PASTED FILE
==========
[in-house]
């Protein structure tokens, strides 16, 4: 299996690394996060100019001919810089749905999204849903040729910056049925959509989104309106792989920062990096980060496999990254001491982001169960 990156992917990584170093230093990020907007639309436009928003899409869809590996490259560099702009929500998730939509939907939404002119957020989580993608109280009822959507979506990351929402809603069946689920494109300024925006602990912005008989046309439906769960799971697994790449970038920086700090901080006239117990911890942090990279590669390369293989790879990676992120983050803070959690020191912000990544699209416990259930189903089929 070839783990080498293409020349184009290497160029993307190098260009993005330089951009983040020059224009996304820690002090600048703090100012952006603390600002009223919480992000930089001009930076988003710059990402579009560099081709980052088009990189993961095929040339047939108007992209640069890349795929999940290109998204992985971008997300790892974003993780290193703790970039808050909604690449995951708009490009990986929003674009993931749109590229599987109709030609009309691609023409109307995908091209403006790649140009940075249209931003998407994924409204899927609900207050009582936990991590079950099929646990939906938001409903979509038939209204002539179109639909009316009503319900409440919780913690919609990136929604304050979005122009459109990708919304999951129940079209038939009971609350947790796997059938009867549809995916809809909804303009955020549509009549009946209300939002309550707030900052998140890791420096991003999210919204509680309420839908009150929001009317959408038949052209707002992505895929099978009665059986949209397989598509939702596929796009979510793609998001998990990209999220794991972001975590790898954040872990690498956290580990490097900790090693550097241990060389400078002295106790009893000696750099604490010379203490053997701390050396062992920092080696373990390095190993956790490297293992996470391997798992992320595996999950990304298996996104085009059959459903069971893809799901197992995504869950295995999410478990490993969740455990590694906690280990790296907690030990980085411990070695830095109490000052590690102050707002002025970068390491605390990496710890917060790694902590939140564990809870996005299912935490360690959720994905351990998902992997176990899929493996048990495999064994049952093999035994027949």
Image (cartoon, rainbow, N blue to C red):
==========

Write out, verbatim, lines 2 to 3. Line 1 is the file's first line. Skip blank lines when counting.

């Protein structure tokens, strides 16, 4: 299996690394996060100019001919810089749905999204849903040729910056049925959509989104309106792989920062990096980060496999990254001491982001169960 990156992917990584170093230093990020907007639309436009928003899409869809590996490259560099702009929500998730939509939907939404002119957020989580993608109280009822959507979506990351929402809603069946689920494109300024925006602990912005008989046309439906769960799971697994790449970038920086700090901080006239117990911890942090990279590669390369293989790879990676992120983050803070959690020191912000990544699209416990259930189903089929 070839783990080498293409020349184009290497160029993307190098260009993005330089951009983040020059224009996304820690002090600048703090100012952006603390600002009223919480992000930089001009930076988003710059990402579009560099081709980052088009990189993961095929040339047939108007992209640069890349795929999940290109998204992985971008997300790892974003993780290193703790970039808050909604690449995951708009490009990986929003674009993931749109590229599987109709030609009309691609023409109307995908091209403006790649140009940075249209931003998407994924409204899927609900207050009582936990991590079950099929646990939906938001409903979509038939209204002539179109639909009316009503319900409440919780913690919609990136929604304050979005122009459109990708919304999951129940079209038939009971609350947790796997059938009867549809995916809809909804303009955020549509009549009946209300939002309550707030900052998140890791420096991003999210919204509680309420839908009150929001009317959408038949052209707002992505895929099978009665059986949209397989598509939702596929796009979510793609998001998990990209999220794991972001975590790898954040872990690498956290580990490097900790090693550097241990060389400078002295106790009893000696750099604490010379203490053997701390050396062992920092080696373990390095190993956790490297293992996470391997798992992320595996999950990304298996996104085009059959459903069971893809799901197992995504869950295995999410478990490993969740455990590694906690280990790296907690030990980085411990070695830095109490000052590690102050707002002025970068390491605390990496710890917060790694902590939140564990809870996005299912935490360690959720994905351990998902992997176990899929493996048990495999064994049952093999035994027949």
Image (cartoon, rainbow, N blue to C red):